COMMUNITY INVOLVEMENT GROUP
If we're going to solve the challenges of climate change we need to involve everyone and encourage them all to play their part in some way.
To do this we are working in a variety of ways with local councils, schools, businesses, churches and other community organisations.
If you feel you would like to help the group in any way please email email@example.com(preferred) or telephone/text 07507 782523.
COMMUNITY INVOLVEMENT GROUP ARTICLES
On Friday, Sept 20 over 300 people from Bradford on Avon and surrounding area joined over 4 million others from 185 countries to draw attention to the climate emergency and…
Nikki Jones, Chair of Avon Needs Trees, like many of us, is concerned about climate change and is keen to take action to mitigate its impact. Nikki believes that the simplest way forward is plant more trees. Trees and, even more importantly, the soil beneath are key to the sequestration of carbon dioxide and the alleviation of flooding downstream.
At our August coffee morning we were treated to the company of Paul Baker Hernandez who sang and played for us and shared his plan to teach the world to…
Our July meeting was addressed by John Hindley from the Citizens Climate Lobby (CCL). This international organisation seeks to address three issues: Pollution, Inequality and Climate Change. Its strategy can be summed up in four words: Tax Carbon, Pay People.
What CCL proposes is that fossil fuels, the burning of which is responsible for much of the pollution we endure in addition to the production of greenhouse gases which contribute to Climate Change, should be taxed and the resultant revenue distributed equally to every citizen, thereby reducing inequality. In other words: the polluter pays.
The guest speaker at our very well attended June Meeting was Robin Maynard, Director of Population Matters, an organisation whose chief concern is the planet’s ever-growing population and its impact on the natural world and contribution to climate change.
There is much that results in a degradation of the planet but one factor which is frequently overlooked is human population and its inexorable growth. The Earth’s population hit 1 billion in 1803, increased dramatically from the mid-1800s and is currently 7.7 billion. Consequences include a corresponding increase in CO2 emissions, consumption of freshwater and fertiliser, marine fish capture and loss of tropical forest. We are currently using up the renewable resources of 1.7 Earths and, unless things change, we’ll need three Earths by 2050.
Our May meeting was addressed by Mike Perry, an A Rocha / Eco Church voluntary speaker and Environmental Advisor for the Salisbury diocese. Mike had been a biological researcher, with a deep love of the natural world, who was later ordained into the Anglican Church.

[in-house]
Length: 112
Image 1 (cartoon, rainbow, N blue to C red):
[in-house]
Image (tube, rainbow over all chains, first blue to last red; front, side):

A Rocha, from the Portuguese, means ‘The Rock’. It was founded in 1999 and is an international organisation which promotes green and sustainable living. Mike spoke about the Eco Church scheme, how churches using the programme are engaging with the community and how the Eco Church tool can be used by secular community groups to engage people in the local community to work together.
Can we live without growth? The Role of Money in the Real World with Andrew Wyon from PositiveMoney.
Andrew began with the startling result of a Positive Money Poll which revealed 85% of MPs don’t know where money comes from! He went on to examine our economy and who controls the growth of money. There has been a steady rise in house prices in the past 20 years, though they took a slight dip after the 2008 financial crisis. Mortgage lending outstripped the rise in house prices until 2008 but then slumped dramatically. Some 97% of our means of payment are just figures in our Bank account. Private banks (the high street banks most of us use) lend money they haven’t got and charge us for using it.
Minutes of AGM held on Monday 18th March 2019. Apologies were received from Chris Hogg, Maureen Wood, Bill Quantrill and Marian Paul.
Rachel Berger presented her report on the year as chair, and Klaus Huber presented the financial report. The latter shows a healthy balance at present, due to income from the Feed in Tariff on the solar panels at Fitzmaurice School. The last payment will be made in October 2019, following the government’s changed to feed in tariffs. Klaus reported that he expects to hear shortly that the closing down of Climate Friendly Bradford on Avon community interest company has been approved.
There being no nominations for the positions of chair, treasurer and secretary – Rachel Berger, Klaus Huber and Jeremy Wire will continue in their respective posts for the coming year. The coordinating committee comprises the three officers and the coordinators of the six topic groups. The coordinators are as appointed by the topic groups, and are as follows:
This has been a week of excitement regarding action on climate change, giving me some cause for optimism. On 26th February, Wiltshire Council had scheduled two motions relating to climate change; one, from Liberal Democrat Councillor Brian Matthews was to declare a Climate Emergency, with a set of proposals as to how the Council should act if the motion was passed. The second, entitled Environment and Global Warming, focused on what the Council should do regarding its own buildings and property to reduce emissions, put forward by Conservative Councillors Wickham and Whitehead. Some 30 of us, from several parts of Wiltshire, with banners designed by Extinction Rebellion as well as home made ones, stood outside County Hall and handed out flyers explaining the climate emergency to everyone who passed.
2018 will be remembered as the year the world woke up to the plastic peril, thanks in no small part to the “Blue Planet 2” series, and the film “A…